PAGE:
An activist who became popular for viral videos where he confronts people attacking or harassing marginalized groups has been arrested on suspicion of assault after the San Bernardino County Sheriff’s Department said an investigation revealed he and other people used violent tactics at several organized protests.

Edin Alex Enamorado, 36, was taken into custody Thursday, along with seven other people, after deputies served multiple warrants in a months-long investigation that started with a “brutal” assault at a protest in Victorville on Sept. 24, according to the San Bernardino County Sheriff’s Department. Soon, police agencies from Pomona, Upland and Fontana joined the investigation after similar assaults were reported within their jurisdiction, authorities said.

Enamorado, an Upland resident, is an activist who frequently produces viral social media videos where he highlights racism in communities or attacks on street vendors. At times, he provides security services to victims of these attacks or gathers large crowds of protesters to show up at the attackers’ homes to confront them. 

Enamorado has been active in Long Beach. He’s helped street vendors get certified food carts and rallied locals for demonstrations. In August, he gathered a large crowd outside a woman’s house in the 1600 block of Chestnut Avenue after he said a video showed her harassing a vendor. In the video, the crowd yells and shines lights at the woman’s house. She later apologized.

In a news conference Thursday, San Bernardino Sheriff Shannon Dicus said these types of videos are a dishonest representation of the threatening and violent behavior he attributed to Enamorado and seven other activists who were arrested as part of the operation.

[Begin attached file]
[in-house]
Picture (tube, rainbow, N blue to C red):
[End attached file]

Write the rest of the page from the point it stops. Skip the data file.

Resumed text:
“This group manipulates videos and photos on social media in an attempt to make them look like they’re protectors of underrepresented people,” Dicus said during a news conference Thursday. “However, they use racism to threaten and intimidate their victims, causing them to get on their knees to beg for forgiveness while still assaulting him.”

The sheriff’s department identified the other arrestees as Wendy Lujan, 40, of Upland; David Chavez, 28, of Riverside; Stephanie Amesquita, 33, of San Bernardino; Gullit Eder Acevedo, 30, of San Bernardino; Edwin Peña, 26, of Los Angeles; Fernando Lopez, 44, of Los Angeles; and Vanessa Carrasco, 40, of Ontario.

Additionally, authorities said they found evidence during the arrests to corroborate the allegations against Enamorado, though they did not say what that evidence was to “protect the integrity of the investigation at this time.”

An attorney representing all eight defendants was not immediately available for comment Friday. He previously called the allegations against Enamorado and the rest of the group “baseless.” In an interview with the Los Angeles Times, he said the arrests were retaliation for the group’s work as activists. 

Enamorado has previously described his work to the Long Beach Post as a form of spreading awareness and letting people in marginalized communities know they’re not alone. It’s also a way of letting others know harassment or racism in these communities is not acceptable, he said.

It’s unclear what charges the group will face, though authorities said assault with a deadly weapon, possession of a firearm by a felon, conspiracy, and false imprisonment were among the alleged crimes. Each activist remains jailed without bail until their arraignment Monday, according to the Los Angeles Times.